Thursday, 31 January 2013
I came across the Natural History of Shakespeare, a floral gem, and simply had to check.
Rose, lily, carnation, marigold, columbine, pansy, lavender, pink, wallflower, Holy Thistle, violet, daffodil, primrose, oxlip, daisy, lady-smocks, woodbine, eglantine, honeysuckle, cowslip, harebell, love-in-idleness. Even ferns. Weeds. Insects. Reptiles. Mythical creatures.
No orchids. Still, it was fun looking through such a delightful text. Copyright-free.
Saturday, 19 January 2013
One doesn’t associate orchids with viruses, but they do get them. However, many are ‘symptomless’ – surely the best kind.
Australian scientists investigating indigenous and exotic viruses in orchids have identified a virus never before found in orchids.
Researchers from Murdoch University and the Botanic Gardens and Parks Authority tested four species of donkey orchids (Diuris) for RNA viruses.
They tested two wild populations of donkey orchids and two captive populations including one at Kings Park and one in South Australia and found 11 isolates of eight distinct viruses.
According to Murdoch University’s WA State Agricultural Biotechnology Centre senior research fellow Steve Wylie: ‘Nobody has looked seriously at Western Australian indigenous plants for the viruses that infect them or what sort of implications they might have for the plants.’
A report says they are concerned that exotic viruses, ones brought into the country, might spread to native flora. Meanwhile, other viruses must have evolved long before anybody came here.
The team tested four orchid species with a technique called Next Generation Sequencing because of the plants’ wide distribution in wild and captive populations.
They found exotic viruses are infecting both the captive populations and the wild populations. One rare orchid (diuris pendunculata) was co-infected with four different viruses but was otherwise healthy.
One of the four viruses (Turnip yellows virus) had never been found in orchids before and is prevalent in canola, cabbages and turnips.
Everything they tested had at least one virus and surmised that in the wild most plants are infected yet live quite happily. The next job is to see if indigenous viruses are possibly even beneficial, or if introduced viruses have a negative effect such as reducing lifespan and then, seeing if it would it be worthwhile getting rid of the viruses to safeguard stock.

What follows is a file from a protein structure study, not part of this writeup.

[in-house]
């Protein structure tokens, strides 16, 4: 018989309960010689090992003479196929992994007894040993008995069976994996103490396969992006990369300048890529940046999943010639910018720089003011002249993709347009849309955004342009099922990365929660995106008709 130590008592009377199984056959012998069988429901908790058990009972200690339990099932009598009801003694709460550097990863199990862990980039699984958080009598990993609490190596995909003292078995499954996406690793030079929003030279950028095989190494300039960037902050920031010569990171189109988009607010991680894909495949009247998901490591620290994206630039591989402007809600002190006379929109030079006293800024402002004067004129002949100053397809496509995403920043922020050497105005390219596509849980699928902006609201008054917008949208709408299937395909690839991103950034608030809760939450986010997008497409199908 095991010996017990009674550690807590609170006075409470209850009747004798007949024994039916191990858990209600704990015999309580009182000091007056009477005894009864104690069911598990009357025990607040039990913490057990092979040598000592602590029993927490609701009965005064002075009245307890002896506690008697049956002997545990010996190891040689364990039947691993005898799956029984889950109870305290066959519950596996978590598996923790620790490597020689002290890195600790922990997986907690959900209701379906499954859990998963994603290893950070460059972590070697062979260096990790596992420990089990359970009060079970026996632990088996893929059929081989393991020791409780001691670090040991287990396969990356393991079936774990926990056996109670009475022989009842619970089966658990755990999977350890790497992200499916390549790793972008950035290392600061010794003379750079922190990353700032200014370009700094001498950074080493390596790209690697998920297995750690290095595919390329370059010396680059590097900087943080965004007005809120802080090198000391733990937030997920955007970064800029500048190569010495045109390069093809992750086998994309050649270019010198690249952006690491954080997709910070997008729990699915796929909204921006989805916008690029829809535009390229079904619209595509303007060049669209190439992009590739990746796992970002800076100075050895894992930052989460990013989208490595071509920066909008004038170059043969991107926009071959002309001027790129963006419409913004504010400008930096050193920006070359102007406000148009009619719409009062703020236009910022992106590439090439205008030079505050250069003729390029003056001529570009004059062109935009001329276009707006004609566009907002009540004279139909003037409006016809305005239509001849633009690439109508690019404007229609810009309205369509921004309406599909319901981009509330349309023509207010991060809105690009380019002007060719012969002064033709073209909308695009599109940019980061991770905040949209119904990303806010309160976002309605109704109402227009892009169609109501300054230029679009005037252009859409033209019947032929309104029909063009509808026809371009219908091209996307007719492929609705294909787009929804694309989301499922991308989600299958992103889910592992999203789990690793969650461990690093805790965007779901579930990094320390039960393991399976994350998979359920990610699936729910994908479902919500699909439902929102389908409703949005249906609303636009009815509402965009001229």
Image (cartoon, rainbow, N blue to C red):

Posted by Pam Kelt at Saturday, January 19, 2013
Thursday, 10 January 2013
Tuesday, 8 January 2013
You might associate orchids with hot climates. Think again.
Although the temperature outside can fall below -20 C, moth orchids in a greenhouse in Inner Mongolia are blooming.
The 60,000 square metre site in autonomous region’s Tumed Right Banner is one of the country’s biggest orchid high-altitude plantations.
According to the press, deputy managing director Zhao Yifan, said the park, run by of the Luzhiyuan Landscape Construction Co Ltd, produced more than 800,000 seedlings in 2012, with half of them sent to Beijing.
He expects to see 15,000 of them appear in the capital’s markets during Spring Festival at a competitive prices.
He’s hoping to expand, and he’s already exporting 300,000 orchids a year to South Korea.
The high cost of air cargo makes it difficult for Zhao to enter the European flower market. He considered transporting orchids by rail to Amsterdam, Europe’s flower trade hub, but is rethinking, over rigid quarantine regulations in countries en route.
‘When the flowers enter a new country, the whole package has to be opened and checked,’ Zhao said. ‘This is harmful for fresh plants.’
However, he expects to see more government involvement and international cooperation finally establish a route free from complicated inspections.
More than 1.5 million orchid seedlings are grown in Inner Mongolia every year, while about 60 million are grown annually nationwide.
Tumed Right Banner is a region of western Inner Mongolia, People's Republic of China. It is under the administration of Baotou City, and is located along on the Jingzang Expressway, running from Beijing to Tibet.
Being an orchid fan is brilliant for geography.
Posted by Pam Kelt at Tuesday, January 08, 2013
Wednesday, 2 January 2013
|Cuban tree ferns|
Scientists from the University of Vigo, in collaboration with the Environmental Services Unit at the Alejandro de Humboldt National Park (Cuba), have named the orchids Tetramicra riparia and Encyclia navarroi.
According to the press, the name T riparia is a nod to its discovery along stony streams in the mountains of Baracoa, one of the rainiest and least explored areas in Cuba. It is barely the size of a small coin.
|Mountains of Baracoa|
Both new species are deceit pollinators, enticing bees to spread their pollen without a reward. One mystery they aim to solve is if the deceit orchids have a greater taxonomic and genetic diversity than other nectar-producing species.